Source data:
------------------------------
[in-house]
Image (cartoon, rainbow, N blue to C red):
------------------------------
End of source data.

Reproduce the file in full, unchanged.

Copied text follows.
[in-house]
Image (cartoon, rainbow, N blue to C red):